. . . or a baroque, pastoral scene.


With my imagination, it was easy to think this could be an exposed grave from medieval times instead of the breeze-block deeply ground into the soil that it is.


The artistic perspective suddenly can change to the realistic.


'Tis the season!


Tree trunks, dark and immovable, contribute a brooding kind of charm.


Ah, a rustic fence!


The former falconry itself is where various exhibits for young people, usually comprising scientific (The Calm One contributed to one on computers) or historical content are held. Two staff recognised him, and we were invited to explore the in-progress exhibit/interactive areas and have a nice chat. At present, one room was set up with digital easels and another with the traditional ones. Upon our departure, as we were driving through the grounds, we passed by a group of students who was standing around a vineyard. One young woman excitingly pointed to our electric car and those of the next generation approvingly hailed us.


À la prochaine!

RELATED LINKS

L'Oisellerie
Agricultural school

Thursday, October 4, 2018

What is this?

That's the exact question we asked the seller at one of France's largest annual outdoor flea market located near Marsac, north of our city. He was a shy fellow who gave the barest of smiles while deciding what answer to give. Meanwhile images of braille, telegraph, card hole punching, and IBM Selectric machines all flashed through our visual memories. This jumbled-up melange was halted when he said, it's a typewriter, one without a keyboard, dating from around the start of the previous century.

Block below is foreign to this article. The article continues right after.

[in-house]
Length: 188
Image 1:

Such typewriters are referred to as type sleeve or index. Using an image search, we found a German brand, an AEG Mignon, that resembled our fabulous find. At first we were unable to be sure ours was the same model since there were no easily discernible manufacturer's name. Then when The Calm One was sitting nearby it, the light fell just right on the paper holder, like invisible ink suddenly appearing, and we were able to see an embossed, faded, diamond-shaped logo containing the word Heady.


If you want to know about Heady, then you need to know about YuEss. After Germany was vanquished in the First World War, their patents were rendered null and void. In New York City, two Jewish immigrants copied the Mignon, decorated the paper holder with the Star of David, and called their company YuEss (phonetic spelling for U.S.). The machines sold poorly—after all NYC was the powerful domain of Royal Typewriter Company and their splendid keyboard modelsand they moved to France and rebranded their machine Heady. And there, it did reasonably well.


Different typefaces were available via a type sleeve. Though a stylus was needed to be placed on the index card, users matched the speed of keyboard typewriter operators.